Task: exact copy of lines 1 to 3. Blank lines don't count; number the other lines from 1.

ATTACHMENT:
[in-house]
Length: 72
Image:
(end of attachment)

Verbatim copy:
[in-house]
Length: 72
Image: